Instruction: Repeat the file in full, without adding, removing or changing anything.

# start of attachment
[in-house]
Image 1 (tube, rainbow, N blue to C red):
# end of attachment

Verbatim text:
[in-house]
Image 1 (tube, rainbow, N blue to C red):